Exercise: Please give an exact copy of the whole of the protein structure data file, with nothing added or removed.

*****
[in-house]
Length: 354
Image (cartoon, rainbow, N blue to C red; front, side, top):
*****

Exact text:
[in-house]
Length: 354
Image (cartoon, rainbow, N blue to C red; front, side, top):